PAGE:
MOUNT AIRY, N.C. - Fans of the old Andy Griffith Show will surely remember the lovable town tippler named Otis who would lock himself in jail when he went on a bender. With North Carolina being moonshine country, most people just assumed Otis was getting tipsy on the potent product that’s secretly served out of car trunks in mason jars.
But after visiting this sleepy little town - the real-life inspiration for the fictional Mayberry where Andy Griffith, who was actually born in Mount Airy, upheld the law with his slapstick sidekick Barney Fife (Don Knotts) - my golfing partner and I discovered moonshine may not have been Otis’s favourite drink.
Much to our surprise, we discovered the area around Mount Airy is actually wine country. In fact, there’s lots of wineries in North Carolina. And some very good ones, to boot.
And no, wise guys, the wine doesn’t come in mason jars. Believe it or not, North Carolina was a wine state long before California - almost from the time Sir Walter Raleigh, for whom the state capital is named, first arrived here in the mid 1500s.
It was in North Carolina where the first grapevine was introduced and cultivated in the New World and at the dawn of the 20th century, the “Old North State” as it was known back then, was the leading wine-producing region in the U.S.
But then came 1919 and Prohibition. Thanks to that act of Congress, the wine industry here quickly dried up and drinkers were forced into the North Carolina wilderness where they set up illegal stills to make their “white lightening.”
A by-product of those early moonshine days was stock car racing - the first “NASCAR races” were held on the back roads of North Carolina with the moonshiners trying to outrun the “G-Men” (federal law enforcement).
Ironically, one of the people who was very active in the North Carolina wine industry until his passing in 2007 was former NASCAR legend Benny Parsons, who no doubt honed his skills trying to outrun the law and whose Rendezvous Ridge Vineyard is still producing some of the state’s best vintages today.
Left: Andy Griffith Playhouse is a tribute to the late actor. Right: The vineyards of North Carolina rival those of Tuscany.
Both NASCAR and North Carolina’s wine industry have come a long way in the past few decades. The state now boasts 67 wineries - a number that has tripled since 2001.
Many of the vineyards - 20 at last count - are grouped together in the fertile Appellation Yadkin Valley, not far from Mount Airy, where the rich soil and cooler climate combine to create the state’s famous Muscadine and Vinifera grapes.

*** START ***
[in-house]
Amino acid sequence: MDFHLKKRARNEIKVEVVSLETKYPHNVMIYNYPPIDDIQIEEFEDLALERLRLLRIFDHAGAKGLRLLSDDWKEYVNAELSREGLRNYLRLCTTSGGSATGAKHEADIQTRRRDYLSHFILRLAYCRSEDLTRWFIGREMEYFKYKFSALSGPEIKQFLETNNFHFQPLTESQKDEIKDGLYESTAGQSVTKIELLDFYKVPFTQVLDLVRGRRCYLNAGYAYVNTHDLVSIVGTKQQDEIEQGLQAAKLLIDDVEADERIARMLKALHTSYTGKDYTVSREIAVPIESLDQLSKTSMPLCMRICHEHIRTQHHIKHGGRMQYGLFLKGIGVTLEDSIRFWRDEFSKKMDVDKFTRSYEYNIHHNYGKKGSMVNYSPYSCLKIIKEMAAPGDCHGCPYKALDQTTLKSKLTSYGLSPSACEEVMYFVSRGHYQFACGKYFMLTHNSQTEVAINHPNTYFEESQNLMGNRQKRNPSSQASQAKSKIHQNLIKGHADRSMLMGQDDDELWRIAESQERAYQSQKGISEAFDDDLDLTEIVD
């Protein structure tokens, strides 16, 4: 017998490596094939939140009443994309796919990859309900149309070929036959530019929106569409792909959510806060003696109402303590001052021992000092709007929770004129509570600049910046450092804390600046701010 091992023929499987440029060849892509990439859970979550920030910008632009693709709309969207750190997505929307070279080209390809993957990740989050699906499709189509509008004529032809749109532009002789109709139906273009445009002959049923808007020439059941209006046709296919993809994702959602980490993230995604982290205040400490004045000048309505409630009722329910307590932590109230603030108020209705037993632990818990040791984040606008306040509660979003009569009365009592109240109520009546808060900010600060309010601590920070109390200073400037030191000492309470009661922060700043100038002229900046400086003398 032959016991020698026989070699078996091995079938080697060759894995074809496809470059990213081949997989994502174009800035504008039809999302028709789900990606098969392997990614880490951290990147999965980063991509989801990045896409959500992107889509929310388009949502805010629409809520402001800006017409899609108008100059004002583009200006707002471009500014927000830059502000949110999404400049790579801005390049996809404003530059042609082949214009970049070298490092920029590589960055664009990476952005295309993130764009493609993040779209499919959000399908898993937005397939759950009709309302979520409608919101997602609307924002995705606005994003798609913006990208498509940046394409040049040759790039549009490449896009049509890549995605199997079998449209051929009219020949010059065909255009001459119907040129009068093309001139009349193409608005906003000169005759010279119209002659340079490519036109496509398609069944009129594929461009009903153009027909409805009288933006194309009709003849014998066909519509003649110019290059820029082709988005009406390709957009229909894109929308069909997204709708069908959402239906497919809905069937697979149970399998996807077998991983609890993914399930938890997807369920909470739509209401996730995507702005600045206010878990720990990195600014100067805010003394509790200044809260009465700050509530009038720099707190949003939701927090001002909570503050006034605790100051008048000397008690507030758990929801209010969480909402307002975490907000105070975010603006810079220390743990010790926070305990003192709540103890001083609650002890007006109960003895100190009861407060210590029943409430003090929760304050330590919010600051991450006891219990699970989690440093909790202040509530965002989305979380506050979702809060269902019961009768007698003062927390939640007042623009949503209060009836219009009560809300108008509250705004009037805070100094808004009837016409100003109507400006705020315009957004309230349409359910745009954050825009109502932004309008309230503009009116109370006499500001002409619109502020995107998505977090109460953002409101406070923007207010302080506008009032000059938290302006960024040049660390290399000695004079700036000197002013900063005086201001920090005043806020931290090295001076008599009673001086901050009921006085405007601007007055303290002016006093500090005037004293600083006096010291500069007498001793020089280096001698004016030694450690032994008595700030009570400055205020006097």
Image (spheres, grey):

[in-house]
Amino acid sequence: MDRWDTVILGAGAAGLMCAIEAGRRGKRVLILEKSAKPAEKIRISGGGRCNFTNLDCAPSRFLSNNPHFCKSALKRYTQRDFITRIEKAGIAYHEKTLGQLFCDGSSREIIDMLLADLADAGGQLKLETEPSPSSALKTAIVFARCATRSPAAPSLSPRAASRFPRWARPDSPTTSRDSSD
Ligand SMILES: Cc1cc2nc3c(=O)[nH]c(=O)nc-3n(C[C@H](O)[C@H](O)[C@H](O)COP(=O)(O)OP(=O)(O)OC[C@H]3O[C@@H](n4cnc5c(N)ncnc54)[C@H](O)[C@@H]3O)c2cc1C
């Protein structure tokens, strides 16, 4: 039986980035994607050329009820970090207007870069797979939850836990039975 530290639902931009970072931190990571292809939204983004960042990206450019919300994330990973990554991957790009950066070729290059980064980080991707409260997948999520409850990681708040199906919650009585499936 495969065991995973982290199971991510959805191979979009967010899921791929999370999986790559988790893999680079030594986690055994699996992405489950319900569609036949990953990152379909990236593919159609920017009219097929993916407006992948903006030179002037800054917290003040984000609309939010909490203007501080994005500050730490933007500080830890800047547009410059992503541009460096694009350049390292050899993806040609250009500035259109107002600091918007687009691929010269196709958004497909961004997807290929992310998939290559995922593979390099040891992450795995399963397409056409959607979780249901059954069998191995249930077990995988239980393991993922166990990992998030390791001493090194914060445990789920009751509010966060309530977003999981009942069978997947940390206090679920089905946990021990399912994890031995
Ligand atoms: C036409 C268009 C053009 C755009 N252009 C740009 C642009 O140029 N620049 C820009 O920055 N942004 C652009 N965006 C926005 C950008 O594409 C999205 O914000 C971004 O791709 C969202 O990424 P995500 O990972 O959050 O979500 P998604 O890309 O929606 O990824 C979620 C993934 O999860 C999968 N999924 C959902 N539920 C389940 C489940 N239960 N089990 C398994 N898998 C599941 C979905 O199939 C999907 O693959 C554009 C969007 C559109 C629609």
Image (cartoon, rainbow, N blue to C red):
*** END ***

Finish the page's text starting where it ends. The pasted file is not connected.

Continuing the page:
The state’s Scuppernong variety is the first grape cultivated in the United States and is the official fruit of North Carolina. A 400-year-old Scuppernong vine located in North Carolina is the oldest known grapevine in the U.S.
Although it lost it’s No. 1 producing status when Prohibition came along in 1919, North Carolina still produces lots of wine and now ranks 10th in production in the nation, contributing about $800 million annually to the state economy and is responsible for creating over 1,500 jobs.
There’s not as many vineyards in North Carolina as golf courses but the two pleasures do come together after rounds. In fact, many golfers who play in the morning are visiting wine estates in the afternoon for tastings, something that is becoming very popular with all tourists who visit the state.
Since all roads lead to golf courses in North Carolina, and many routes, especially in the Appellation region, cross into wine country, the two are a perfect mix.
In fact, Asheville, home to a great Donald Ross golf course at the Grove Park Inn, is also where iconic Biltmore Estate and its world-class winery are located.
North Carolina vineyards stretch from one end of the state to the other and some even border South Carolina. Even in golf-rich Wilmington, where you’ll find such great courses as Arnold Palmer’s River’s Edge, there’s also a vineyard - Lumina Winery.
And North Carolinians like to celebrate their wine heritage with 24 wine festivals scheduled throughout the year. Two of the top wineries in the state is the Brushy Mountain Winery in Ronda and the nearby Raffaldini Vineyards in North Wilkesboro, where rows of sangiovese vines flourish in the clay-mica soil.
Raffaldini prides itself in producing a range of Italian varieties - everything from vermentino, which is native to Sardinia and grown only by two other American vintners, both in California, to barbera.
Another top quality producer is Childress Vineyards in Lexington where visitors are greeted at a 35,000-sq.-foot facility that rivals anything you’ll find in Tuscany.
If you’re looking to find a lot of North Carolina wines under one roof, may we suggest you pay a visit to the Angus Barn Steakhouse in Raleigh - not far from the heart of wine country - where they offer over 30,000 bottles of wine and 1,100 selections in one of the most opulent cellars you’ll ever see. Oh, and the steak is pretty good, too.